“Sweet” Success & New Product Packaging

Ditch The Box | Episode 8.12 |

For 95 years, Fannie May has been one of the most prolific producers of confections, using chocolate candies as an integral part of celebrations around the United States. The company, owned by 1-800 Flowers, is made up of three distinct brands that create a trifecta of sweet treats, putting a modern spin on classic candies that have been purchased across the country for gifts, party favors, and personal snacks. Fannie May is no longer making its mark just with brick-and-mortar stores throughout the U.S. – the brand is experiencing its largest growth through ecommerce, and with this comes a whole new set of challenges, demands, and opportunities for exciting new product launches and marketing strategies.

Joining us on this week’s episode of “Ditch The Box” is Kevin Coen, President of Fannie May Fine Chocolates and Harry London, who gives us the inside scoop on the company’s 95th anniversary celebrations and how it is making customers part of the experience.

Kevin has been highly successful in the retail, wholesale, ecommerce and distribution business with companies such as Lindt Chocolate, Swarovski, and Filene’s. He also collaborates on some projects with sister brands Lindt & Sprungli and Crabtree & Evelyn. This has put Kevin in the perfect position to refresh Fannie May’s offerings by keenly observing competitors, trends, and consumer behavior and introducing innovative new products and practices that make Fannie May one of the most exciting modern candy manufacturers.

Kevin says the company is always testing new flavor combinations and looks for opportunities to offset its branded business with private-label products. In addition to introducing unique treats, the company also focuses on retooling its packaging to become part of the overall customer experience. Kevin explains there are four key behaviors surrounding consumer need: self-consumption, sharing, everyday gift, and seasonal. Each of these intentions helps drive new products and new product packaging by taking into consideration where these behaviors drive customers to go. This determines the distribution point for certain products, which also influences the product packaging.

The company’s special new 95th anniversary new product packaging was built around the sharing and self-consumption consumer behaviors.

The packages put a modern twist on the company’s classic branded tins, offering bold new colors and structural designs that stand up on shelves and show off realistic photos and graphics that appear on the outside of the new lightweight containers. Kevin explains the company conducts a lot of research on consumer purchasing decisions and where the brand needs to position itself in the marketplace before they put the candy packaging out on shelves or online.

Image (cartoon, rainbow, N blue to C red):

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The brand wants to set a market instead of following what the market is doing, but they are highly selective about the times in which they do conduct a design overhaul or rebranding. Kevin says it’s all about noticing when and where you can move the brand forward and not pushing the envelope too much because loyal customers will begin questioning your values and identity. People get familiar with the look and feel of a company’s product packaging, and brands only have one shot to make a good impression. New product packaging should be able to attract younger customers with different values and purchasing behaviors while still maintaining the integrity of the brand and the product inside.

Kevin explains retailers like Fannie May must be sensitive to what makes their products compelling, whether it’s the taste, ingredients, freshness, or a combination of all of the above. They must then make sure the right candy packaging protects it. Consumers should feel like the product came right of the production line, and packaging is a key component in maintaining the stability of any perishable goods. Packaging delicate candies offers a more limited set of options because the product must be highly protected from damage or outside contaminants. If the product doesn’t look or taste like the brand promises it does, you’ll lose consumers’ trust.

A product’s quality is sacred to a brand – it’s their equity, and they should never compromise on ingredients or presentation.

So many companies today try to make up stories to make noise in the marketplace, Kevin explains, but Fannie May doesn’t have to. The brand has a legacy of understanding whom they are talking to, selling to, and what channels consumers are making decisions from. Not losing the essence of what the classic brand is all about is important. Fannie May is embarking upon exciting social media and in-store marketing experiences to include customers in its 95th-anniversary celebration, and there’s no doubt its new product packaging has aided in the festivities and is drawing in customers to the company’s delicious confections.